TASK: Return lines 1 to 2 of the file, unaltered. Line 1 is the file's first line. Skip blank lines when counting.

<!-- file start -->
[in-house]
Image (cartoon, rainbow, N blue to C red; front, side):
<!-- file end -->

[in-house]
Image (cartoon, rainbow, N blue to C red; front, side):